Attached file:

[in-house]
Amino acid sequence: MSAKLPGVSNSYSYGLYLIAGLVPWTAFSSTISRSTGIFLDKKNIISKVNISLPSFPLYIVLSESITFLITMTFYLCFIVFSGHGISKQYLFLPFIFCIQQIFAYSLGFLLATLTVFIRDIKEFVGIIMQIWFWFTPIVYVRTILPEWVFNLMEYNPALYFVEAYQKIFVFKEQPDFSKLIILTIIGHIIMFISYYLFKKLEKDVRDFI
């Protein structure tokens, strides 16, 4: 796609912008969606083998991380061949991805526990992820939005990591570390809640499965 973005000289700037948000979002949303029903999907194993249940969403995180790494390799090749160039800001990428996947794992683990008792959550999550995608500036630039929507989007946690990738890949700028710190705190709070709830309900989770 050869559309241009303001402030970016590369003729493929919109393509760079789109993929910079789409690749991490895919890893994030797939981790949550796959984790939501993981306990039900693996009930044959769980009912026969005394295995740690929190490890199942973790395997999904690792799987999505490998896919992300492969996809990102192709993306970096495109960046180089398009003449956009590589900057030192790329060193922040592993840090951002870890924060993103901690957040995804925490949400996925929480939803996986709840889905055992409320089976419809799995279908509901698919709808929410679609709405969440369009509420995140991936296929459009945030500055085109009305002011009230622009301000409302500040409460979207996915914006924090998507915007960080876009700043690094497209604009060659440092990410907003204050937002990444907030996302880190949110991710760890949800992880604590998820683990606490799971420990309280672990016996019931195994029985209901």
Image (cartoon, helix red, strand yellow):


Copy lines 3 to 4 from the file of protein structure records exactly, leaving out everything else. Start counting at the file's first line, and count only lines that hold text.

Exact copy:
């Protein structure tokens, strides 16, 4: 796609912008969606083998991380061949991805526990992820939005990591570390809640499965 973005000289700037948000979002949303029903999907194993249940969403995180790494390799090749160039800001990428996947794992683990008792959550999550995608500036630039929507989007946690990738890949700028710190705190709070709830309900989770 050869559309241009303001402030970016590369003729493929919109393509760079789109993929910079789409690749991490895919890893994030797939981790949550796959984790939501993981306990039900693996009930044959769980009912026969005394295995740690929190490890199942973790395997999904690792799987999505490998896919992300492969996809990102192709993306970096495109960046180089398009003449956009590589900057030192790329060193922040592993840090951002870890924060993103901690957040995804925490949400996925929480939803996986709840889905055992409320089976419809799995279908509901698919709808929410679609709405969440369009509420995140991936296929459009945030500055085109009305002011009230622009301000409302500040409460979207996915914006924090998507915007960080876009700043690094497209604009060659440092990410907003204050937002990444907030996302880190949110991710760890949800992880604590998820683990606490799971420990309280672990016996019931195994029985209901």
Image (cartoon, helix red, strand yellow):